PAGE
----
He lingered in the doorway holding his hat brim flat against his chest. Even though it was he who was coming to see her unannounced, she still had the advantage over him. She had her head cocked to the side, one hand on the door handle and the other on the door jamb. He should say something.
‘I’ve come.’ He lifted his hat from his chest in a small salaam.
‘Have you come?’ she was giggling at him. Then she swept the inner wood door wide open with one arm, lifted her other hand off the doorjamb and waved him into the apartment,
‘Come in, dadam. Come in.’
Miriam held his elbow while he slipped off his shoes, then she took his coat and hat and hung them by the door. The apartment smelled rich and sweet like wet flour.
‘Are you making noodles?’
‘Are you hungry? I’ll make you something,’ she said.
‘No child.’ He could feel her steering him towards the sofa, but he did not want to be the guest, ‘I want to sit with you inside. In the kitchen. I’ll watch, and we can talk while you work.’
He sat at the kitchen table while she washed her hands and then began kneading the dough. She worked with her back to him. He could see the muscles flex in her shoulders and back as she worked the mixture. She had grown up strong and capable like her mother. And she had married a good man, educated and kind. And she had borne Adiljan into the family. Ibrahim put a shaking hand to his lips. This beautiful woman was his only remaining child. He watched her alternately punch and fold the dough. Two children had gone, like buds snapped off the branch. Neither of them with the chance to marry and have children. Little Adiljan left living with the weight of the entire family resting on his fragile frame. Ibrahim pulled out his handkerchief to wipe his eyes. It had been his own little family that had been fragile. He had seen his wife’s fortitude and presumed that any babies she produced would somehow share the same level of resilience. As if a fainthearted disposition was something that only he could be afflicted with. It turned out that his son’s Mehmet’s courage was all external; formed from cigarettes, cars and alcohol. And Rahima’s was the false bravery that took her to places that, God help us, she should have rightly feared. So that in the end she feared nothing, not even God.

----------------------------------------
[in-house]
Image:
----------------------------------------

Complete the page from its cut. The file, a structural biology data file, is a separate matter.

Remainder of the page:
Miriam finished the kneading and placed the dough back into the bowl to rest. So far her father had been his usual quiet self. Perhaps he just wanted company and an opportunity to stop thinking about difficult circumstances. She moved over to the sink and washed the dough off her hands, taking time to clean the wet flour from around her fingernails. She would put the kettle on and cut him some fruit.
When she turned, her father’s face was dripping with tears.
‘Apla!’ She walked towards the first man in her life, pulled out a kitchen chair and embraced him as his shoulders shuddered in raspy sobs.
‘Kizim, kizim,’ Ibrahim called out to his daughter.
Miriam pulled him closer. She wanted to say, ‘I’m here with you,’ but which daughter he was calling for? Instead she leant into his torso with her full weight and offered him soft repetitions of ‘Dadam, my father.’ When they were young they would refer to him amongst themselves as dadimiz, our father, yours and mine. Now there was nobody who shared this man as father. Nobody who shared her mother. Nobody to call her sister. They had lost a measure of themselves when Mehmet had passed away. This was one more slice cut from still raw skin.
Miriam did not offer him the usual supplications to stop crying, or encouragements to stop thinking about it. He had come this way to her house and chosen to do here what he could just as easily have engaged in on his own. He had wanted someone to mourn with, and he had chosen his daughter. She rubbed his back and kissed his head as his sobbing eased off. Eventually he lifted his head from its bent position and sniffed the tears back up his nose in one noisy, wet inhalation. He rubbed his handkerchief across the bottom of his nose and wiped the back of each hand across his eyes. Just like Adiljan. How vulnerable her father was in this world. A vulnerability that Adiljan would never be able to outgrow.
‘Kizim.’ Her father raised his hand and stroked her hair. The cooking scarf had fallen back off her head. ‘What pitiful circumstances you have seen in your life.’
She lent forward until her forehead was touching his.
‘I wish it hadn’t been like this for you, kizim. I wish I could have given you a life without suffering. I wish it had all been different.’
‘Ay, dadam.’ She put her arms around him again. ‘These things come from God. They all come from God.’
Download a pdf of Time to Talk
Ramona returned to Sydney in 2010 after ten years living and working in Asia. So many people told her she ought to write a book that she enrolled at Macquarie University, bought a new computer, and worked to learn everything from scratch. Her writing has been described as ‘beautiful, evocative and disturbing’ by someone who knows about these things. They only said it once, but that was enough. She did not need to eat for several days.